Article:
In General
Map
List of Towns
Sights
the Blue Ridge Scenic Rwy

 

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MAP 1   - the Atlanta Homepage
MAP 2   - Downtown Atlanta
MAP 3   - NS's Inman yard and CSX's Tilford & Howell Yards - NW of downtown Atlanta
MAP 4   - south of Atlanta
MAP 5   - east of Atlanta
MAP 6   - west of Atlanta
MAP 7   - the Duluth and Norcross area, with the Southeast Railroad Museum
MAP 8   - the Marietta and Elizabeth area - NW outside the Perimeter
MAP 9 - the Georgia Northeastern Railroad
MAP 10 -  the Kennesaw area & the Southern Museum of Civil War and Locomotive History


the MARTA Metro System


In General


The Georgia Northeastern Railroad is a regional railroad that runs from Marietta (where it interchanges with CSX), northward to Blue Ridge GA.

The tourist part of the railroad runs from Blue Ridge GA north to the border towns of McCaysville GA/Copper Hill TN.  More info below and on their website.

Please note, most small side streets not shown for clarity.


 

Some history (came from here): 

The Georgia Northeastern dates back to 1987 when CSX ceased its operations on the old Louisville & Nashville line between Marietta and Ellijay. CSX sold the tracks between Marietta and Tate to the new shortline and leased to it the tracks from Tate to Ellijay.

In August 1990, the Georgia Northeastern was sold to Wilds Pierce, an Atlanta businessman and owner of Railcar Management, Inc.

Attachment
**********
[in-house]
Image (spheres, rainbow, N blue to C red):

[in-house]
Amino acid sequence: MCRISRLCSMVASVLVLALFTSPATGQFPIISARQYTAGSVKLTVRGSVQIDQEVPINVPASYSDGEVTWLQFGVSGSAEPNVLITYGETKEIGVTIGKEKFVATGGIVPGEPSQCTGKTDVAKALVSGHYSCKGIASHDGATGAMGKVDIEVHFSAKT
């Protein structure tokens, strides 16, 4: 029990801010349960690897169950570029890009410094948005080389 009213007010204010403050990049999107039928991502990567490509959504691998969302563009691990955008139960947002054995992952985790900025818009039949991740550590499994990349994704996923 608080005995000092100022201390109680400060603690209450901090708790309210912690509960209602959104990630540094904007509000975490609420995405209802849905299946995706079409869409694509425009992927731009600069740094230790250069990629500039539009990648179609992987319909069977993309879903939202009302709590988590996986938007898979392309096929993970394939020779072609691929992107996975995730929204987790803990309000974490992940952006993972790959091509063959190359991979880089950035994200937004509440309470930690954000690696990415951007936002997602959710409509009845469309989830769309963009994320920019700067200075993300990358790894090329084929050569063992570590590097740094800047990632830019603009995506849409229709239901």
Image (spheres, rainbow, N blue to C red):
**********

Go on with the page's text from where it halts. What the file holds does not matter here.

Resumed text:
The railroad was originally built in the 1870s and 1880s by the Marietta & North Georgia Railroad as a narrow-gauge line from the Western & Atlantic at Marietta to the North Carolina town of Murphy. Most of the route was converted to standard gauge in 1889-90. (The Blue Ridge-Murphy section was not changed over until late in 1897).

In the mid-1990s, Georgia DOT purchased the line between Whitepath (about 5 miles north of Ellijay) and Blue Ridge, along with the tracks from Blue Ridge to McCaysville/Copperhill and the short branch from Blue Ridge to Mineral Bluff. These were leased to Georgia Northeastern.

DOT also worked with Georgia Northeastern to rehabilitate the tracks between Whitepath and Blue Ridge. These had been inactive and seriously neglected for years.

A particularly notable success was the establishment of a passenger excursion line, the Blue Ridge Scenic Railway, which began operating over the 13-mile section between Blue Ridge and McCaysville/Copperhill in the spring of 1998. The line follows the west bank of the picturesque Toccoa River, crossing it about a mile before entering McCaysville.

Excursion trains also run to McCaysville/Copperhill from the Tennessee side, thanks to the Copperhill Special route of the Tennessee Valley Railroad Museum. These trains run from Etowah, TN, through the lower Hiwassee River Gorge and over the Hiwassee Loop, two renowned features of the Hook and Eye Line.

For more information:
http://www.patriotrail.com/services/affiliated-companies/affiliated-railroads/487-2/
https://en.wikipedia.org/wiki/Georgia_Northeastern_Railroad
http://www.american-rails.com/gnrr.html
http://railga.com/gne.html
http://lancemindheim.com/2015/12/tom-klimoskis-georgia-northeastern/

 


Maps







North of Canton the railroad follows the Murphy belt, a hundred-mile long geologic feature that cuts through the mountains to Murphy and Andrews, NC.
The belt is S-shaped between Canton and Ellijay but forms a fairly straight line from Ellijay to Andrews.







List of Towns From South to North

Elizabeth (Interchange with CSX)
Marietta
Blackwell
Woodstock
Lebanon
Holly Springs
(Passes under I-575)
Canton
(Passes under I-575)
Kentsburg
Ball Ground
Nelson
Tate (Yard and Loco Servicing)
Jasper
Talking Rock
Whitestone
Ellijay
East Ellijay
(Enters the Chattahoochee National Forest)
Cherry Log
(Exits the Chattahoochee National Forest)